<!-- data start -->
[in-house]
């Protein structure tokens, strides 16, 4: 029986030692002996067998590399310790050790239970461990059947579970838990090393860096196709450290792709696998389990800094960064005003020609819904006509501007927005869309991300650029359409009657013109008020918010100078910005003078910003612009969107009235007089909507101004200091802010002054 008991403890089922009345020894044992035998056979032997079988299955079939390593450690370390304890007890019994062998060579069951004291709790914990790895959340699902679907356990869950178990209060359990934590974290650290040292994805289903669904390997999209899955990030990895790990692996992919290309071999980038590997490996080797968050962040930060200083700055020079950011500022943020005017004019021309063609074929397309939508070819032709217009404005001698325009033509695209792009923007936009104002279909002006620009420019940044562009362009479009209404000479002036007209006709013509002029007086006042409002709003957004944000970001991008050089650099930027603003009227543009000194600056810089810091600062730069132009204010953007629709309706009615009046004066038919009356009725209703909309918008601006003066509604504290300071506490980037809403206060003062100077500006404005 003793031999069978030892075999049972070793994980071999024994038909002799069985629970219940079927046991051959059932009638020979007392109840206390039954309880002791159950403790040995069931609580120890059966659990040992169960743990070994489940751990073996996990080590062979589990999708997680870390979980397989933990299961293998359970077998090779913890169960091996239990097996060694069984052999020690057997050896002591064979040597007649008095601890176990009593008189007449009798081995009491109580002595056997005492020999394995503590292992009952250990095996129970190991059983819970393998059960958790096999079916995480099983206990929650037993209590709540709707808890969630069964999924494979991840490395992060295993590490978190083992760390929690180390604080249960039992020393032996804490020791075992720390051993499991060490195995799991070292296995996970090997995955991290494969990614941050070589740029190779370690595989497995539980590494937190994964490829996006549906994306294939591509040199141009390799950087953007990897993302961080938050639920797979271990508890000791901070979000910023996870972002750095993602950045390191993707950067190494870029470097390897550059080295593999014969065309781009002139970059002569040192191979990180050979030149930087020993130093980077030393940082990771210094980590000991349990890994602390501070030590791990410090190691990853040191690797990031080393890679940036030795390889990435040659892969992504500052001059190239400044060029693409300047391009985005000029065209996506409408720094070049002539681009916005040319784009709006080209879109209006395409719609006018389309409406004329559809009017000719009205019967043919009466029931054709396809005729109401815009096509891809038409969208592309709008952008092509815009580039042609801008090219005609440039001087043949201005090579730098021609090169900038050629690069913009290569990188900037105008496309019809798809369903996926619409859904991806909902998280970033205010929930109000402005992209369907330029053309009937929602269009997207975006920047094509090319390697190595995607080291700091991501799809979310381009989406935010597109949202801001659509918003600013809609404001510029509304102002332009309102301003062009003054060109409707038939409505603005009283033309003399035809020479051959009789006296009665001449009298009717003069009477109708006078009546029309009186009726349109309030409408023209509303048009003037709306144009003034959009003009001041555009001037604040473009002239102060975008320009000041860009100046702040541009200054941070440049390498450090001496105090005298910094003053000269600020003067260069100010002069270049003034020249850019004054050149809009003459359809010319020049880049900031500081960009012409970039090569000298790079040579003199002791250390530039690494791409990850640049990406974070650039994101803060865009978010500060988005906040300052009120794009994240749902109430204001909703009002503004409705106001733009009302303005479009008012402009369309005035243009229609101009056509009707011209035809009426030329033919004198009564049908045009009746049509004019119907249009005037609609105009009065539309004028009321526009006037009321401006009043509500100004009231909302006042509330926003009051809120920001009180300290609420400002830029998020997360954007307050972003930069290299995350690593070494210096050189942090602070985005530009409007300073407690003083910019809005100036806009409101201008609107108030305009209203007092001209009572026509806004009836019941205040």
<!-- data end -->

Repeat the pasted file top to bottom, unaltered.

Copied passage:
[in-house]
């Protein structure tokens, strides 16, 4: 029986030692002996067998590399310790050790239970461990059947579970838990090393860096196709450290792709696998389990800094960064005003020609819904006509501007927005869309991300650029359409009657013109008020918010100078910005003078910003612009969107009235007089909507101004200091802010002054 008991403890089922009345020894044992035998056979032997079988299955079939390593450690370390304890007890019994062998060579069951004291709790914990790895959340699902679907356990869950178990209060359990934590974290650290040292994805289903669904390997999209899955990030990895790990692996992919290309071999980038590997490996080797968050962040930060200083700055020079950011500022943020005017004019021309063609074929397309939508070819032709217009404005001698325009033509695209792009923007936009104002279909002006620009420019940044562009362009479009209404000479002036007209006709013509002029007086006042409002709003957004944000970001991008050089650099930027603003009227543009000194600056810089810091600062730069132009204010953007629709309706009615009046004066038919009356009725209703909309918008601006003066509604504290300071506490980037809403206060003062100077500006404005 003793031999069978030892075999049972070793994980071999024994038909002799069985629970219940079927046991051959059932009638020979007392109840206390039954309880002791159950403790040995069931609580120890059966659990040992169960743990070994489940751990073996996990080590062979589990999708997680870390979980397989933990299961293998359970077998090779913890169960091996239990097996060694069984052999020690057997050896002591064979040597007649008095601890176990009593008189007449009798081995009491109580002595056997005492020999394995503590292992009952250990095996129970190991059983819970393998059960958790096999079916995480099983206990929650037993209590709540709707808890969630069964999924494979991840490395992060295993590490978190083992760390929690180390604080249960039992020393032996804490020791075992720390051993499991060490195995799991070292296995996970090997995955991290494969990614941050070589740029190779370690595989497995539980590494937190994964490829996006549906994306294939591509040199141009390799950087953007990897993302961080938050639920797979271990508890000791901070979000910023996870972002750095993602950045390191993707950067190494870029470097390897550059080295593999014969065309781009002139970059002569040192191979990180050979030149930087020993130093980077030393940082990771210094980590000991349990890994602390501070030590791990410090190691990853040191690797990031080393890679940036030795390889990435040659892969992504500052001059190239400044060029693409300047391009985005000029065209996506409408720094070049002539681009916005040319784009709006080209879109209006395409719609006018389309409406004329559809009017000719009205019967043919009466029931054709396809005729109401815009096509891809038409969208592309709008952008092509815009580039042609801008090219005609440039001087043949201005090579730098021609090169900038050629690069913009290569990188900037105008496309019809798809369903996926619409859904991806909902998280970033205010929930109000402005992209369907330029053309009937929602269009997207975006920047094509090319390697190595995607080291700091991501799809979310381009989406935010597109949202801001659509918003600013809609404001510029509304102002332009309102301003062009003054060109409707038939409505603005009283033309003399035809020479051959009789006296009665001449009298009717003069009477109708006078009546029309009186009726349109309030409408023209509303048009003037709306144009003034959009003009001041555009001037604040473009002239102060975008320009000041860009100046702040541009200054941070440049390498450090001496105090005298910094003053000269600020003067260069100010002069270049003034020249850019004054050149809009003459359809010319020049880049900031500081960009012409970039090569000298790079040579003199002791250390530039690494791409990850640049990406974070650039994101803060865009978010500060988005906040300052009120794009994240749902109430204001909703009002503004409705106001733009009302303005479009008012402009369309005035243009229609101009056509009707011209035809009426030329033919004198009564049908045009009746049509004019119907249009005037609609105009009065539309004028009321526009006037009321401006009043509500100004009231909302006042509330926003009051809120920001009180300290609420400002830029998020997360954007307050972003930069290299995350690593070494210096050189942090602070985005530009409007300073407690003083910019809005100036806009409101201008609107108030305009209203007092001209009572026509806004009836019941205040």